Jobs with Justice is a national network of local coalitions that bring together labor unions, faith groups, community organizations, and student activists to fight for working people. Our members are in the streets in 46 cities in 24 states across the country.
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No one should be afraid to call the police when they need to.
But that's exactly what happens when the Federal Government places local police officers in charge of immigration enforcement. The end result is clear: we're all less safe.
Here’s the problem:
Congress has failed to enact comprehensive immigration reform. As a result, the Obama administration has put the burden of enforcing federal immigration policy on local police officers.
When an individual is arrested, regardless of the charge, regardless of guilt, her fingerprints are automatically sent to ICE (Immigration & Customs Enforcement). If ICE suspects she may be deportable, they send a voluntary request to local police officers to hold that person for up to 48 hours using their own local resources. For many, this means any interaction with the police has the potential to end in deportation.
Obviously, this is not a problem that only affects undocumented immigrants and their families. This is about trust between our neighborhoods and our police officers. If anyone is afraid to call the police, than we’re all less safe.
These requests are not mandatory, and local police can choose not to hold anyone. Many jurisdictions, including the nation’s capital, have acknowledged the risk to safety and have adopted policies to stop local police resources from being used on federal immigration enforcement.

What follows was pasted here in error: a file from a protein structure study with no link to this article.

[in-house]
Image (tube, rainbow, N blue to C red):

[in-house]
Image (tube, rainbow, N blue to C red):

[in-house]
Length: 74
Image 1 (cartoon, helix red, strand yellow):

The week of July 9th, 2012 communities across the country will be taking action to restore trust by raising awareness of how local jail policies force people into the deportation system and telling local law enforcement, “Restore Trust! Break ICE’s hold on our community.” Over a dozen actions are planned across the country in an effort to keep safety the #1 priority of local law enforcement.
What can I do?
No matter where you live, you can take steps to ensure that no one is afraid to call the police when they need to.
Every elected official pays attention to the local newspaper, particularly the letters to the editor section. Writing a letter to the editor can take as little as five minutes and your letter is guaranteed to get the attention of decision-makers in your community.
Please take a few moments to get the attention of your elected officials and write a letter to the editor today. We even provide you with a sample letter and talking points you can include to draw attention to the dangers of police/ICE collaboration.
Learn more by checking out these comprehensive resources, fact sheets, and background on ICE holds.
Step 1 - Select a Recipient
In as little as five minutes, you can use our online form below to find a local paper, write your letter, and send it to the editor.
Start by entering your zipcode below to pull up a list of newspapers in your area. After you select a newspaper, you can submit a letter to the editor of that paper directly through our website.